Exposure to high levels of the industrial weed killer paraquat combined with a previous head injury have been identified as a serious combination risk factor increasing a person’s chance of developing Parkinson’s disease.
According to a report from the Canadian medical site InsiderMedicine.ca, suffering a head injury and being exposed to paraquat tripled a person’s chances of developing Parkinson’s disease. Each of these factors can stand alone as one that can significantly increase a person’s chance of developing Parkinson’s disease but a new study appearing in the most recent edition of the journal Neurology found that both those risks combine to raise the chance of Parkinson’s even more.
The study examined records of 1,000 people living in California where paraquat is used frequently. Among those thousand people, 400 were diagnosed with Parkinson’s disease. The researchers then examined exposure levels to paraquat and determined how many had suffered a severe head trauma at some point in their life, an injury that caused a person to lose consciousness for at least five minutes.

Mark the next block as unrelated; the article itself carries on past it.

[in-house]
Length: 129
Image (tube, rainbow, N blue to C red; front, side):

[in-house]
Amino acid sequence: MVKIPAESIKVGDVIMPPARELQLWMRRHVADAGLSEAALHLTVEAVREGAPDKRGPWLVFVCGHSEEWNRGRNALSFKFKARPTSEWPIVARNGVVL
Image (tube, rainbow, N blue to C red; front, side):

When a person had suffered both a head injury and exposure to paraquat, they were three-times as likely to have Parkinson’s disease later in life.
The research for this study examined two perceived risk factors for Parkinson’s disease and theorized what a combination of those risk factors had on the likelihood of developing the disease. The results of this study have been backed by previous reports completed by Mayo Clinic researchers in 2006 who found that men working in areas where industrial pesticides and herbicides were used were more likely to develop Parkinson’s disease.